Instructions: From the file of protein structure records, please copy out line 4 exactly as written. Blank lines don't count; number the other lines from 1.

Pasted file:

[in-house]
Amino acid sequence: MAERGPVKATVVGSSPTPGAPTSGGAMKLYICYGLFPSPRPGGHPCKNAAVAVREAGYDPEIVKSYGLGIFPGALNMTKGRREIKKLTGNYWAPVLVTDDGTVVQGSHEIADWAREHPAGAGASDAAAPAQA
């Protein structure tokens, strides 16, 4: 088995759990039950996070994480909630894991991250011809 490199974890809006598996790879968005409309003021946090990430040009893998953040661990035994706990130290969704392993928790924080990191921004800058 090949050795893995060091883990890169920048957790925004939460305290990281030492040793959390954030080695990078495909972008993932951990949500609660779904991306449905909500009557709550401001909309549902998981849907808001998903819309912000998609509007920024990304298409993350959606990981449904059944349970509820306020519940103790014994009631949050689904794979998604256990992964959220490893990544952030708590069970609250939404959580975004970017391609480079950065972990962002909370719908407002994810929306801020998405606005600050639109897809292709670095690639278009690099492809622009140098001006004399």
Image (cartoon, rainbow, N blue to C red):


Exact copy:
Image (cartoon, rainbow, N blue to C red):